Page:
The more things change in Bollywood, the more they stay the same
A brave new Bollywood seems to have emerged but trade observers fear the change is superficial rather than systemic.
By Priyanka Khanna, IANS
In spite of the infusion of fresh blood, corporatisation, new avenues of finance and the mushrooming of multiplexes across the country, it is the same old Bollywood if you scratch the surface, trade observers say.
Even as veteran director Subhash Ghai declared that for the first time, he had started shooting a film with a bound script, production houses that used to launch films on the basis of star names have opened vetting departments for scripts.
Other big moneybags of Bollywood are also seeking second opinions on their storylines - but some things refuse to change.
For instance, Madhur Bhandarkar, who made sensitive films like "Chandini Bar" and "Satta", succumbed to the diktats of commercial cinema in his latest film "Aan: Men At Work," a film that offers nothing beyond a good testosterone rush.
No wonder then, the common refrain heard was: "Commercialism triumphs over realism. One more bites the dust."
The film seems to carry the stamp of its producer Firoz Nadiadwala rather than its director as Akshay Kumar, Suniel Shetty, Jackie Shroff, Shatrughan Sinha, Om Puri, Irrfan, Paresh Rawal and Rahul Dev unleash a feast of bullets.
The film is likely to do good business on account of its adrenaline pumping action sequences but is cinematically speaking, a let down as the story is staid and execution clichéd.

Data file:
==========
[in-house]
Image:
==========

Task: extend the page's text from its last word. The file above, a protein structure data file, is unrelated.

The film is technically competent, but does not pull at the heartstrings. The women -- Raveena Tandon, Preeti Jhangiani and Lara Dutta -- have blink and miss roles.
For an industry that is going to town boosting of a creative renaissance, "Aan" comes on the heel of another cop film "Police Force" and will be followed by other flicks on the men in khaki: "Dev" by Govind Nilhani starring Amitabh Bachchan, Fardeen Khan and Kareena Kapoor, and "Garv" starring Salman Khan and Shilpa Shetty.
This will give way to a series of films based on the men in olive green: "Lakshya" starring Amitabh Bachchan, Hrithik Roshan and Preity Zinta, and "Deewar: Lets Bring Home Our Heroes" also starring Amitabh, with Sanjay Dutt, Akshaye Khanna, Amrita Rao and Kay Kay.
"For all the talk of innovation, the moment a filmmaker of the stature of Raj Kumar Santoshi or Mahesh Bhatt announces a film based on a unique idea, the next day other filmmakers launch five films on the same subject," says analyst Taran Adarsh.
Indeed, no sooner did director Karan Razdan complete shooting for "Girlfriend", his low-budget film based on lesbianism starring Isha Koppikar and Amrita Arora, that newcomer Ashish Chaudhary launched another film on the same subject called "Men Not Allowed".
Moreover, the latest box-office hit "Main Hoon Na" prides itself for being old wine in new bottle. The film even goes to the extent of putting lead actor Shah Rukh Khan in the college as an undercover agent.
Ditto for Mani Ratnam's "Yuva", where Ajay Devgan is cast as a college student leader.
The stealing of storylines apart, there is the decades old un-addressed issue of lack of safety on film sets that claimed another victim in Briton Nadia Khan who was allegedly killed by a train while assisting director Kaizad Gustad in his film "Mumbai Central".
Looks like Bollywood has a long way to go before it can be called truly professional.